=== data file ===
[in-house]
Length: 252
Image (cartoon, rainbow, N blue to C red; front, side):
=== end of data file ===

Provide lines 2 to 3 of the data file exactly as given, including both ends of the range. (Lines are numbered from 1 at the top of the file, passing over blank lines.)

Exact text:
Length: 252
Image (cartoon, rainbow, N blue to C red; front, side):